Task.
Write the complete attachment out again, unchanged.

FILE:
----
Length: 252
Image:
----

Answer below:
Length: 252
Image: